2L Recordings, Three for the Winter Months Ahead | The Vinyl Anachronist

2L Recordings from Norway (website) tends to release its titles in clusters, and sometimes right before the holidays so that we secular folk can also have a soundtrack for the falling snow on the other side of that big open window over there. This is always a gift, in the purest of ways, but this year these three titles–Of Innocence and Experience, Beethoven’s Testaments of 1802 and The Horn in Romanticism–seem unusually suited to the waning weeks of a difficult year. Fortunately for me, these intimate recordings also shine for the audio system I have set up right now.

I’m talking, in particular, about the Marten Oscar Duo loudspeakers that just arrived this week. They’re another in a long and splendid line of two-way monitors I’ve been evaluating, and their specific calling card is a fast yet delicate sound that’s the result of those Accuton ceramic drivers. After spending a few months with the Vimberg Ameas, which wined and dined me nearly every day, I’m headed down a long and dusty road where at the end I say yeah, maybe I’m kind of a ceramic driver kind of guy.

Plus, you listen to these speakers, especially with the Jeff Rowland Design Group Continuum S2 integrated, and then you look over at these three 2L Recordings releases. One’s solo piano, one’s a duo with “historical horns” and a fortepiano, and one’s a duo for piano and violin. Then you look back at the Martens one more time and you think “this is going to be good.”

Each of these new 2L Recordings releases has that familiar sound, a single instrument or two recorded in a vast space within a Norwegian church. Producer Morten Lindberg has always known the importance of such staging, especially when it comes to establishing deep patterns of decay and echo. You should hear the sound, and then you should watch that sound travel through the space and define the room boundaries. After having listened to each recording at least a couple of times, I picked up on something. I had to search the liner notes for myself. Yes, all three were recorded in the Sofienberg Church. That’s how tight and exact these recordings are. It’s that obvious.

I listened to Beethoven’s Testaments of 1802 first, possibly because I’m at the time in my life where I need more Beethoven in my music collection. When I was younger, I often resisted Beethoven’s formaility and structure, but now I feel that I’m more receptive to his ideas. This recording features two sonatas for violin and piano, No. 8 and No. 9, performed by Ragnhild Hemsing and Tor Espen Aspaas, respectively. The theme here is a snapshot of Beethoven’s life in 1802, when he was struggling with sudden fame and how to leave behind the trappings of a normal life–“I intend to seize Fate by the throat; I will not let it bend me down and destroy me!”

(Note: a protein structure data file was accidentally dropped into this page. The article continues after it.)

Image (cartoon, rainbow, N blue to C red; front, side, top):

The Horn in Romanticism falls just this side of the adventurous streak 2L Recordings often indulges–it’s a straightforward duo of pieces from Paul Dukas, Richard Strauss, Camille Saint-Saens and more, but with Kristen Fossheim on fortepiano and Steinar Granmo Nilsen on historical horns. Here, 2L Recordings examines a curious period of time when valves first starting to appear on horns, and how this new invention was not universally accepted. The premise here is to use those fascinating older horns to cover the innovations of the time, and why these technical developments were thought as a battle “for the soul of the horn itself.”

Finally, Of Innocence and Experience features pianist Kristian Ofstad Linberg in a fiery and dark performance of sonatas from Liszt, Schumann and again Beethoven (the “Appassionata,” of course). The complex theme behind this recording is that it was inspired by the poetry of William Blake, which is heavy on “light and darkness, life and death, angelic purity and demonic passion.” While all three 2L Recordings release are stupendous in both sound and execution, this is the piece that hits the hardest while creating constant waves of goose bumps.

You can spend your holidays with 2L Recordings, or you can step back and feel joyous by this year’s latest holiday jazz records–which, of course, will be reviewed by Ebenezer Scrooge sometime after Thanksgiving. Stay safe, stay home and listen to music.